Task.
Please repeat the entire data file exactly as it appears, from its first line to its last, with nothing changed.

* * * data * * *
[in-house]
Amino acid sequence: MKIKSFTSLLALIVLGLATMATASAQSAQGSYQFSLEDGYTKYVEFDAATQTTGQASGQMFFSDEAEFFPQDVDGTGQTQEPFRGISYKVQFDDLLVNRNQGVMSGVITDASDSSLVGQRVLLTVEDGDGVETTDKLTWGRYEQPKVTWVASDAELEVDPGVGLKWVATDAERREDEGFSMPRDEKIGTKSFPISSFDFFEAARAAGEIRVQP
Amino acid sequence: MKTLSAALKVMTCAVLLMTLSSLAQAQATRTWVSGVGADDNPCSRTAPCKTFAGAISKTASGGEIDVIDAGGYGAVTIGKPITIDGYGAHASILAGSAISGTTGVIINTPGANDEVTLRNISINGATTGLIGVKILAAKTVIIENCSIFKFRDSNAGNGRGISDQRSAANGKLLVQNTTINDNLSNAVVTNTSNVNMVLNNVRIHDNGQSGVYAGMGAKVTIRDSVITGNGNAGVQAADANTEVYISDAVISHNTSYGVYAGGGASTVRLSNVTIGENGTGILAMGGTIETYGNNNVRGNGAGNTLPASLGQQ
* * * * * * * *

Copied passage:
[in-house]
Amino acid sequence: MKIKSFTSLLALIVLGLATMATASAQSAQGSYQFSLEDGYTKYVEFDAATQTTGQASGQMFFSDEAEFFPQDVDGTGQTQEPFRGISYKVQFDDLLVNRNQGVMSGVITDASDSSLVGQRVLLTVEDGDGVETTDKLTWGRYEQPKVTWVASDAELEVDPGVGLKWVATDAERREDEGFSMPRDEKIGTKSFPISSFDFFEAARAAGEIRVQP
Amino acid sequence: MKTLSAALKVMTCAVLLMTLSSLAQAQATRTWVSGVGADDNPCSRTAPCKTFAGAISKTASGGEIDVIDAGGYGAVTIGKPITIDGYGAHASILAGSAISGTTGVIINTPGANDEVTLRNISINGATTGLIGVKILAAKTVIIENCSIFKFRDSNAGNGRGISDQRSAANGKLLVQNTTINDNLSNAVVTNTSNVNMVLNNVRIHDNGQSGVYAGMGAKVTIRDSVITGNGNAGVQAADANTEVYISDAVISHNTSYGVYAGGGASTVRLSNVTIGENGTGILAMGGTIETYGNNNVRGNGAGNTLPASLGQQ